Thirty-six games are in the books, with only sixteen left to go. Obviously, the ones remaining are the most important, but it seems like a good point to stop and take stock of who impressed in the group stage of the tournament. I picked twelve names – two from each group. My goal wasn’t to identify the absolute best performers, but rather to pick a range of folks from the obvious to the slightly unconventional. For example, while I would be happy to write another rhapsody about Sam Kerr, it felt more useful to call attention to some less well-known players that also performed superbly.
Amandine Henry – France
Henry was my pre-tournament tip for the Golden Ball winner, and nothing I’ve seen so far makes me regret that choice. She’s the closest thing there is to a perfect all-around player in the game today. Everything you’d want, she can do it: win tackles, hold the ball, link play, brilliant throughballs, wonderfully struck goals, good in the air, good on the ground. And she sees the game as well as anyone. France is stacked from bottom to top, but Henry is the ticking heart of the team.
Guro Reiten – Norway
She scored and assisted a goal in Norway’s opening match, but was arguably even more impressive over the next two games. She has done some excellent work out wide, where her pace and dribbling skills allow her to run at defenses, but at her core she’s really more of a true #10, at home in the middle of the pitch pulling the strings. The ability to get Reiten more of the ball is one of the key reasons for Norway’s success so far in the tournament.
Mapi León – Spain
León has excelled in wide defensive roles in the past, but has played center back in this tournament. Theoretically, you risk losing something when you put such a creative and inventive player into that role. But the way León plays center back, it really hasn’t been an issue. We’re used to ball-playing defenders these days, but it’s still exceptionally rare to see someone lean so heavily into the libero (sweeper) role, particularly as part of a back four. But León is doing it, and with distinction. By moving forward in possession, she gives Spain a whole separate hinge from which to build their attack, and is a key part to their strategy of suffocating possession. León has also done excellent defensive work, particularly in her recovery runs, which is crucial since her wanderings often leave her out of ideal position when the opponent does get the ball.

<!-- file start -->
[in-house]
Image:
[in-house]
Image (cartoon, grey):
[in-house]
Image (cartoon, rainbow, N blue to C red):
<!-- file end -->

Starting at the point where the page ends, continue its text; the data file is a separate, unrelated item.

Lin Yuping – China
I could just as easily have gone with Peng Shimeng, who showed exactly what she is capable of in China’s 0-0 draw with Spain, making a number of top quality saves and ensuring her team a point in a game that they generally got blitzed. But Peng is somewhat of a known quantity, one of China’s few true young stars. Lin is different – at 27, she’s hardly young, but still has under twenty caps. I tried to do some digging, but language barriers and a general lack of content left me with nothing. I don’t know her backstory. All I know is that she is dominant in the air and pretty solid as a one-on-one defender. She effectively shut down South Africa before they had a chance to even start attacking, and was a key part of the defensive wall that limited the German and Spanish attacks.
Barbara Bonansea – Italy
You could pick three or four players from this wonderful Italy team, but I want to focus on Bonansea, the hero of their famous victory over Australia for the brace that she scored. She also had a third goal in the back of the net, only to have it called back on the narrowest of offside decisions. Above and beyond just the goals, Bonansea has been a constant threat, with slashing runs that left Australia under constant pressure in their first game, and with cool link play that helped unlock the Jamaican defense in their second. She’s also done some excellent defensive work, dropping quite deep to pressure the ball and provide critical support. And she has an absolute rocket of right foot, and seems as likely a candidate as anyone to score the golazo of the tournament.
Deneisha Blackwood – Jamaica
Blackwood has fewer than 20 caps, but on this Jamaican team that still makes her a veteran presence. She can play in a number of different roles, but the evidence of this tournament suggests left back might be the best spot for her. She was a whirling dervish in the second half against Italy, racing up and down the pitch, winning tackles, delivering crosses, and playing an endless run of clever one-twos. It was one of the most impressive displays from a fullback I have seen in the tournament, and in a fairer world would have led to Jamaica’s first World Cup goal.
Lorena Benítez – Argentina